Rossi v. Pennsylvania,
Annotate this Case
238 U.S. 62 (1915)
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U.S. Supreme Court
Rossi v. Pennsylvania, 238 U.S. 62 (1915)
Rossi v. Pennsylvania
Argued March 11, 1915
Decided June 1, 1915
238 U.S. 62
A state may not punish one who sells and delivers liquor in original packages within the state pursuant to orders solicited within the state but delivered from without the state under the circumstances of this case, which arose prior to the Webb-Kenyon Law.
The transportation of intoxicating liquor, as of other merchandise, from state to state is interstate commerce, and cannot be interfered with by the states except as permitted by Congress.
The Wilson Act of 1890, while placing liquor on arrival at destination under the law of the state, does not subject liquor transported in interstate commerce to state regulation until after arrival at destination and delivery to the consignee or purchaser.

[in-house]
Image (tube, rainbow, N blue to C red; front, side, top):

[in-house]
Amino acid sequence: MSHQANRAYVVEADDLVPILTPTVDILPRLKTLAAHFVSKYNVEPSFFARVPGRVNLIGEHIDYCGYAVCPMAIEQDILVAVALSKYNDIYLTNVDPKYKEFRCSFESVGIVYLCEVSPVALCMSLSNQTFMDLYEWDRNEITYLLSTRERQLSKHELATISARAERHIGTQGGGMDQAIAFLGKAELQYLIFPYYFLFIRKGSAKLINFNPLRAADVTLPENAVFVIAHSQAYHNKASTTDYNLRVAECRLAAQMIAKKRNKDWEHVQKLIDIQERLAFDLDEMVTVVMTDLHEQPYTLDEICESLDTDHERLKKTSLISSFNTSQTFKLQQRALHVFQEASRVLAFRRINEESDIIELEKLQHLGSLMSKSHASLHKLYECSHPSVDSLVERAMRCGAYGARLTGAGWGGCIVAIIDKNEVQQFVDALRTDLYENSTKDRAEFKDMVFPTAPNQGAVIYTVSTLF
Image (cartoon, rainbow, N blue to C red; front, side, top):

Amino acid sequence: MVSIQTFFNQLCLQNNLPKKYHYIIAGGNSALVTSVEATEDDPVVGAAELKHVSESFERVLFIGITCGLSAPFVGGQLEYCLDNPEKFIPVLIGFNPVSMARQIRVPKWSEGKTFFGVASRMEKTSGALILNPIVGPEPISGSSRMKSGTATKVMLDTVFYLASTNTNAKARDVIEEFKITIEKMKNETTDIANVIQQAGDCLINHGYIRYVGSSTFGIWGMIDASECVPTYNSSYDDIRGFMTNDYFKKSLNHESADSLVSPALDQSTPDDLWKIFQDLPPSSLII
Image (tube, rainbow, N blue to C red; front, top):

Under the Wilson Act, the power of the state does not extend to a shipment of liquor prior to delivery to the purchaser because it was transmitted in pursuance of an order previously obtained within the state, where, as in Pennsylvania, there is no statute prohibiting the solicitation and taking of such orders for liquor without a license. Delamater v. South Dakota, 205 U. S. 93, distinguished.
53 Pa.Sup. 210 reversed.
The facts, which involve the validity under the commerce clause of the federal Constitution of a conviction for selling liquor without a state license, and the construction of the Wilson Act of 1890, are stated in the opinion.